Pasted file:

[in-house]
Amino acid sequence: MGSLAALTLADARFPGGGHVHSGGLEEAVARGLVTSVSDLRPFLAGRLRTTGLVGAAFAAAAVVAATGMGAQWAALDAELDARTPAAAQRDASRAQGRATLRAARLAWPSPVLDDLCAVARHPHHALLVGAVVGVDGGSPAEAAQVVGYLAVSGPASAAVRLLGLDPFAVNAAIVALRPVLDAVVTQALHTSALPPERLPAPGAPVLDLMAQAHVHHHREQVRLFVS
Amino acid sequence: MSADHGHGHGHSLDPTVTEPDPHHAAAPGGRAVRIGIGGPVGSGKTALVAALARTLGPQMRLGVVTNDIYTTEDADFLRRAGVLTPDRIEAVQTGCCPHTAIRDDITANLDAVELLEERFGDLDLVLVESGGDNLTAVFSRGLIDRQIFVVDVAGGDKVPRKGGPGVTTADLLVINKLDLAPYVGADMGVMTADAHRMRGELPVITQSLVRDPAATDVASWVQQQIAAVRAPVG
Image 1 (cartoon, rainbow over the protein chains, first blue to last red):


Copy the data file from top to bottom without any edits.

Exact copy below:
[in-house]
Amino acid sequence: MGSLAALTLADARFPGGGHVHSGGLEEAVARGLVTSVSDLRPFLAGRLRTTGLVGAAFAAAAVVAATGMGAQWAALDAELDARTPAAAQRDASRAQGRATLRAARLAWPSPVLDDLCAVARHPHHALLVGAVVGVDGGSPAEAAQVVGYLAVSGPASAAVRLLGLDPFAVNAAIVALRPVLDAVVTQALHTSALPPERLPAPGAPVLDLMAQAHVHHHREQVRLFVS
Amino acid sequence: MSADHGHGHGHSLDPTVTEPDPHHAAAPGGRAVRIGIGGPVGSGKTALVAALARTLGPQMRLGVVTNDIYTTEDADFLRRAGVLTPDRIEAVQTGCCPHTAIRDDITANLDAVELLEERFGDLDLVLVESGGDNLTAVFSRGLIDRQIFVVDVAGGDKVPRKGGPGVTTADLLVINKLDLAPYVGADMGVMTADAHRMRGELPVITQSLVRDPAATDVASWVQQQIAAVRAPVG
Image 1 (cartoon, rainbow over the protein chains, first blue to last red):